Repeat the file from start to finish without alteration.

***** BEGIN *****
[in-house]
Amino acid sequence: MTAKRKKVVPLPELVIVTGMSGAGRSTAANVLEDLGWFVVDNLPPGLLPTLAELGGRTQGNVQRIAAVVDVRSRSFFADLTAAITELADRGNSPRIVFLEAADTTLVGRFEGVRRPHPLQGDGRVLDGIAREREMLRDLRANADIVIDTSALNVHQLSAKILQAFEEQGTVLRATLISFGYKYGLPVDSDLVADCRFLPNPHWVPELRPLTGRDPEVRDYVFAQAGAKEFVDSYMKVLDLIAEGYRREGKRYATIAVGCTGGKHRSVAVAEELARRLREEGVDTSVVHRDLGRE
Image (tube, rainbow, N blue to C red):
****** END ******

[in-house]
Amino acid sequence: MTAKRKKVVPLPELVIVTGMSGAGRSTAANVLEDLGWFVVDNLPPGLLPTLAELGGRTQGNVQRIAAVVDVRSRSFFADLTAAITELADRGNSPRIVFLEAADTTLVGRFEGVRRPHPLQGDGRVLDGIAREREMLRDLRANADIVIDTSALNVHQLSAKILQAFEEQGTVLRATLISFGYKYGLPVDSDLVADCRFLPNPHWVPELRPLTGRDPEVRDYVFAQAGAKEFVDSYMKVLDLIAEGYRREGKRYATIAVGCTGGKHRSVAVAEELARRLREEGVDTSVVHRDLGRE
Image (tube, rainbow, N blue to C red):